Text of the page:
Archives for January 2011

Guatemalan Woman Showing Huipils

This is Lidia Lopez showing the many huipils she has and telling what village they came from.

Guatemalan Sweet Bread and Baked Goods

Guatemalan Sweet Bread

Guatemala is known to have excellent breads and baked goods.

Guatemalan Women Celebrating Holy Week, or ‘Semana Santa’

Women celebrating Semana Santa in Guatemala.

These women are celebrating ‘Semana Santa,’ or Holy Week in Antigua, Guatemala. Semana Santa is a Catholic celebration of the passion, crucifixion, and resurrection of Jesus Christ. The entire city participates in the event. These women are dressed in traditional Mayan clothing called ‘traje.’ They are wearing ceremonial huipils (blouses) and they have ‘tzutes’ folded up on their heads.

Maria Wearing a Huipil and Holding Pineapple Cake

Woman in Traditional Dress With Pineapple Cake

Maria is showing off the beautiful (and tasty) pineapple upside down cake she baked. She is dressed in traditional Mayan clothing called ‘traje.’ Her pink top is called a huipil. Huipils are handmade and reflect the wearer’s personality and what village she is from.

Guatemalan Women Dressed in Traditional Mayan ‘Traje’

Traditional Maya Clothing in Guatemala Called 'Traje'

Woman in Guatemala have passed down their traditional dress called ‘traje’ for centuries. The tops are called ‘huipils’ and the skirts are ‘cortes’. The Mayan culture has used the same techniques of weaving textiles for generations and continue to do so today. The intricate brocade decor on the huipils varies slightly from village to village, but the patterns and their meanings have not changed since the classic Maya period. Not only is traje an important component of the Guatemalan culture, the tradition of weaving provides a viable income for the weavers and artisans who make these textiles to provide for their families.

Guatemalan Women Wearing ‘Tzutes’ and Holding Candles

Guatemalan Women With Tzutes

Tzutes are an important part of Mayan traditional dress. They are worn by both women and men and serve many purposes. They can be used as a shawl, for carrying babies or goods, covering food, or even for ceremonial purposes. Often you will see them folded up and worn on the head as to protect the wearer from the sun and so it is readily available to use if needed. Just like huipils, the tzute can help identify the user’s village by the bright colors and patterns. They are hand woven and vary in size and length.

Little Girl Wearing Traditional Mayan Dress Holding Worry Dolls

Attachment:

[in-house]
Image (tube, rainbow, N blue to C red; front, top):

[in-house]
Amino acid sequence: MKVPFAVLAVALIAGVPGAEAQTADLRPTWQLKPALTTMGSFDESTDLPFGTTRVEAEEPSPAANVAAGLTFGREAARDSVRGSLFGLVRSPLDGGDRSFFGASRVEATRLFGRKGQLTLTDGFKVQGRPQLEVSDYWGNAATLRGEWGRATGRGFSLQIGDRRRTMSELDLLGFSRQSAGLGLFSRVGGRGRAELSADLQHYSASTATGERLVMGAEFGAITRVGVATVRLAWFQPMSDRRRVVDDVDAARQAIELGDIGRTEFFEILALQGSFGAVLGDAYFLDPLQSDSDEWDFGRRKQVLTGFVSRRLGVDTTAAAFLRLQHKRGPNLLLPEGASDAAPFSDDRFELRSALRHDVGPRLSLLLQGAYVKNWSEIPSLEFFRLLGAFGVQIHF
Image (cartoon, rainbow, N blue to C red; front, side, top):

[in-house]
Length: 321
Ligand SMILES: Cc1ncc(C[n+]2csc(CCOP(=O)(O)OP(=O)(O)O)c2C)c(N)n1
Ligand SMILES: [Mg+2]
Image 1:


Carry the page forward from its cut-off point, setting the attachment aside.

Little Girl Holding Dolls

This little girl is wearing traditional Mayan clothing. In her basket are small dolls called ‘Worry Dolls.’ The children of Guatemala tell one worry to each doll and place it under their pillow at night. In the morning their troubles are gone!

Guatemalan Woman and her Daughters Wearing Traditional Mayan Clothing

Girls Wearing Huipils.

This is a woman with her two young girls dressed in traditional Guatemalan clothing. The tops women wear are called huipils. They are made from panels of textiles handwoven on a backstrap loom. Each huipil is unique and decorated with intricate brocade designs.

Guatemalan Woman Weaving on a Backstrap Loom

Guatemalan Woman Weaving on a Backstrap Loom

The art of weaving on a backstrap loom dates back to ancient Maya and has been passed down through the many generations of Guatemalan Women. It is the process in which they create beautiful vibrant colored textiles and Huipils. The weaver starts with raw cotton, which they clean, dye, and spin into thread. The thread is made into a warp and placed on the loom where she can then begin weaving. Many times intricate brocade and embroidery patterns are incorporated into the cloth. The process of weaving has changed very little over time and the techniques used today are virtually the same as they have been for hundreds of years.

Guatemalan Weaver Utilizing a Yarn Winder to Wrap Yarn Around Pegs on Warping Board

Guatemalan Woman creating a warp from thread on a yarn winder.

Guatemalan women have been weaving on backstrap looms for centuries. They first start with raw cotton that they clean, dye, and spin. The dry thread is wound around a yarn winder to keep it from tangling while they weave it in and out of the pegs on a warping board. This warp will be set on the bars of the backstrap loom, and then they can begin the process of weaving Huipils and other beautiful textiles.